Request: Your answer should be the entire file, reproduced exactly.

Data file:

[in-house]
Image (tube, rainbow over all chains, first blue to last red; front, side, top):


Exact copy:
[in-house]
Image (tube, rainbow over all chains, first blue to last red; front, side, top):